“For the most part people have adapted,” Connery says. So has the park. While the trail is closed, its parking lot becomes home to the Peregrine Watch program. The Acadia raptor internship, which began about a decade ago, looks for candidates who can help visitors get the most out of the experience. During a Peregrine Watch, Guillebeau, along with other interpretive rangers, set up Swarovski spotting scopes (“Don’t touch!”) and laminated pictures of hatchlings, peregrines in flight, and hack boxes to welcome the droves of curious passersby and amateur ornithologists. Guillebeau will interact with thousands of people before the summer is over. More than 250 people stopped by the Precipice parking lot one morning this past June—before the park’s busy season had even begun.

“I became semi-obsessed five or six years ago,” Guillebeau says of his work with birds of prey. He found an injured vulture on the side of a road in Georgia, his home state. “I picked him up, and it took me about a week to get rid of him,” he adds. (Although he eventually found a nice rehab center for the bird, the encounter sticks with him. He’s off-duty today in Acadia, and instead of the normal ranger uniform he’s wearing a vulture T-shirt that says “Bald is Beautiful.”)

“I took him to the Chattahoochee Nature Center in Roswell, Georgia, and I talked to them about volunteering.” The center had a year-and-a-half-long waiting list for volunteers, but staffers, seeing Guillebeau’s interest in birds of prey, suggested he check out the Carolina Raptor Center in Charlotte, North Carolina. “It was about a three-and-a-half-hour drive,” he says, but “I just fell head over heels in love with the place. I ended up driving back every single weekend for a couple of years. That’s where this whole fiasco started.” Now, with several years of experience with raptors and environmental education under his belt, he’s traveled all the way to Acadia.

Some kind of aquatic bird flew by—maybe an eider—and I ask Guillebeau if he knew what it was. He turned around but didn’t see it in time. “Was it flapping hard?” he asks. It was probably waterfowl. “They always look like they’re having a hard time.”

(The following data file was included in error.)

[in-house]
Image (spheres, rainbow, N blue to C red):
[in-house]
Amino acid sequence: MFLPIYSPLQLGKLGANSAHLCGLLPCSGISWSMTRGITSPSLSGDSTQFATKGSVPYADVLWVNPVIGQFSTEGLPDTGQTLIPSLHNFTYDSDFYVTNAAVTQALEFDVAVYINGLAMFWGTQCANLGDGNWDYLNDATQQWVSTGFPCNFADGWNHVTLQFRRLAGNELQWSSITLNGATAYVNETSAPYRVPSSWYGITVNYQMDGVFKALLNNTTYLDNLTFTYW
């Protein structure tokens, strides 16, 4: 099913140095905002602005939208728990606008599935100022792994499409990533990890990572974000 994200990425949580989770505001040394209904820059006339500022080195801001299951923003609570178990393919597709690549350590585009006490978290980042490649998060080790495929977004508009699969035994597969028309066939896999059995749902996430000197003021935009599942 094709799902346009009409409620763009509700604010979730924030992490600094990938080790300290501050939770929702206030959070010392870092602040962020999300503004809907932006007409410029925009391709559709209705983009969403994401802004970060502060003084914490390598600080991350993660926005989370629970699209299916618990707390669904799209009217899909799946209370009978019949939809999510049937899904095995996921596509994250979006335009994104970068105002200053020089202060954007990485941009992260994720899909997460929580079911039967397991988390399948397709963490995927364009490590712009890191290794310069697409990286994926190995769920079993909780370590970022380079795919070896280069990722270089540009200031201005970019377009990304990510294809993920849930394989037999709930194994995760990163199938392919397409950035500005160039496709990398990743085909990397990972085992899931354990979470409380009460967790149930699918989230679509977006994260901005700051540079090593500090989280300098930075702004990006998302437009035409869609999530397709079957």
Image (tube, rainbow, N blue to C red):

Guillebeau says his work at Acadia is more about education than conservation—the peregrines do a good job of taking care of themselves. For now, in addition to the Peregrine Watch program, he runs a Junior Ranger station, where kids (and sometimes adults) can learn about and touch animal skins and bird skulls. Still, he has to stop the occasional overeager hiker from going up the Precipice Trail. “It’s not something you can get away with,” he tells them—the extreme visibility of the cliff face means that anyone attempting the route would be hiking in plain sight. That, he says, “and we’ll boot your car before you get back down.”

After the peregrines fledge in August, he’ll head to the top of Cadillac Mountain, the park’s highest point, to start Acadia’s annual raptor migration count. “My dad is an entomology professor and my mom is a sixth-grade science teacher,” Guillebeau says. While he was in high school, “I’d take all the creepy crawlies in the house and bring them to my mom’s school,” he says, explaining his early (and familial) interest in environmental education.  

For now Guillebeau seems content to stick with the falcons, even if he is doing it from a distance. “I like songbirds,” he says, “but man, it’s hard to get excited about something that’s essentially a flying hamburger.”